A Visit with My Twelve Year Old Self

I was twelve and helping my mother set tables for a fundraiser dinner. She was hoping to raise money to help my brother go and play basketball “down under.” Instead of helping, my two older brothers spent their time teasing me about the meticulous way I was placing silverware. I was used to this. However, somehow the subject of their teasing went from my fussy table setting skills to my weight. Within a few minutes, I had to run away to the bathroom so they wouldn’t see me cry.

While my brothers words were only meant to tease, I created a fallacy in my mind that day that I was not “worth” anything unless I was thin and as beautiful as a super model. Of course, I never lived up to those ridiculous ideals, but deep down I carried this idea that I was not “worth” anything.

In the last twenty-five years since, I have struggled with my weight and self-confidence. I think I still had those lies embedded deeply inside of me and they take priority without me realizing it.

However, I am happy to say that those ideas and fallacies die today! I am more than some number on the scale. I am my own kind of beautiful and it is great to be me. I have so may blessings in my life to be grateful for.

Today I am sitting in a nice, comfortable home when the weather is in the teens outside and the ground around my house is covered in two feet of snow.  I am warm and I have a roof over my head. I have so many things to be grateful for. I have an amazing husband and three great kids. I could feel blog posts with the number of blessings in my life that I am grateful for.

I imagine myself going back in time and finding myself in the bathroom with the tears flowing down my face. First, I would tell her that our brothers were only making fun of her because they didn’t want to help mom and she shouldn’t listen to what they were saying because it wasn’t true. They grow out of it and turn into great husbands and fathers. Second, I would tell her that weight doesn’t matter and it is who she was on the inside and how she treated other people that is important. She is always “worth” something to her parents and to the Heavenly Father who created her. I would give her a hug and dry her tears and tell her she was already beautiful.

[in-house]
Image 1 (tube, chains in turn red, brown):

Thirdly, I would point out the good things about her, how she should continue to sing, to write, and to be kind to others. I would encourage her to continue to be vivacious and not to worry what others said about her. (Finally, I would tell her that I could come back late in the night to our log house and cut off my sixteen year old brother’s mullet and he would have to go to Australia without ‘looking cool.’)

Now back to today, my brother recently took photos of our family and here is the one he took of me.

karen
copyright 2016, scottgutke.com

I have to say it is the first photo I have liked of myself in a long time–a really long time. I want to talk to myself now. First,  the idea that you are only “worth” something if you are thin and look like supermodel is a lie.  Who you are on the inside and how you treat others  is important. You do not have to be certain size to be “worth” something. You are always “worth” something to your husband, your kids,your extended family, and your Heavenly Father who created you.  You are beautiful.

Second, you should continue to sing, to write, and to be kind to others. Continue to be vivacious and not to worry what others say about you.

Finally, mullets weren’t a good idea in the eighties and they certainly aren’t now.

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